Building Science Corp. and PHIUS to Collaborate
Passive House Institute U.S. foresees a ‘synergistic relationship’ with the influential building science consulting firm
The Passive HouseA residential building construction standard requiring very low levels of air leakage, very high levels of insulation, and windows with a very low U-factor. Developed in the early 1990s by Bo Adamson and Wolfgang Feist, the standard is now promoted by the Passivhaus Institut in Darmstadt, Germany. To meet the standard, a home must have an infiltration rate no greater than 0.60 AC/H @ 50 pascals, a maximum annual heating energy use of 15 kWh per square meter (4,755 Btu per square foot), a maximum annual cooling energy use of 15 kWh per square meter (1.39 kWh per square foot), and maximum source energy use for all purposes of 120 kWh per square meter (11.1 kWh per square foot). The standard recommends, but does not require, a maximum design heating load of 10 W per square meter and windows with a maximum U-factor of 0.14. The Passivhaus standard was developed for buildings in central and northern Europe; efforts are underway to clarify the best techniques to achieve the standard for buildings in hot climates. Institute US sees closer ties ahead with Massachusetts-based Building Science Corp., the widely respected building consulting firm ledLight-emitting diode. Illumination technology that produces light by running electrical current through a semiconductor diode. LED lamps are much longer lasting and much more energy efficient than incandescent lamps; unlike fluorescent lamps, LED lamps do not contain mercury and can be readily dimmed. by Betsy Pettit and Joseph Lstiburek, in the development of new standards for energy efficient housing.
According to Katrin Klingenberg, the executive director of PHIUS, the Building Science Corp. will help PHIUS develop a new Passive House standard that is more appropriate for North American climates than the Passivhaus standard developed in Darmstadt, Germany, by Dr. Wolfgang Feist.
Building Science Corp. has been an important partner in the U.S. Department of Energy's Building America and Challenge Home program, and Building Science President Pettit said the two organizations could help each other as Challenge Home "ratchets up" its requirements and PHIUS works on climate-specific standards.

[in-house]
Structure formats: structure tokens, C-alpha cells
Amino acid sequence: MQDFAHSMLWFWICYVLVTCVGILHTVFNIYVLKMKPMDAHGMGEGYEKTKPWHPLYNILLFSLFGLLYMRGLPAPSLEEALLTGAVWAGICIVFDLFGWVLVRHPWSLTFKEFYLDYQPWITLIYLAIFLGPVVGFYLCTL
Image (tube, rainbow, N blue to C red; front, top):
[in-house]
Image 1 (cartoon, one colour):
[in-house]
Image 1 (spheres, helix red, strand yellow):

"This is great news on multiple fronts," PHIUS said in a news release. "It brings Building Science Corporation's industry-leading expertise and resources to passive research. It marks the US DOEUnited States Department of Energy.'s continued support for making passive the basis for future energy efficiency efforts. It continues the momentum of moving passive from novelty to best practice and into the mainstream market."
Energy efficiency goals are converging
The proposed PHIUS standard, like its German Passivhaus counterpart, will set requirements for energy consumption and airtightness. Klingenberg said by telephone that PHIUS is working toward three or four standards that are tailored more precisely to different climates zones. The current standard of both the European and U.S. programs is suitable for a moderate, heating-dominated climate zones, she said, but not necessarily for the diversity of climates in North American.
The first draft of a new PHIUS standard better adapted to North American climates is due to be released for public comment and peer review in September 2014, Klingenberg said, and the collaboration with Building Science Corp. would represent a "synergistic relationship" as it moves toward the goal.
Pettit said the common goal of the PHIUS and Challenge Home programs is to find the lowest cost, highest performing assembly of building materials by climate zone. She called that the "sweet spot" of cost optimization, something that needed periodic review as costs and building materials both change.
Thu, 12/05/2013 - 11:02
Wed, 12/11/2013 - 23:51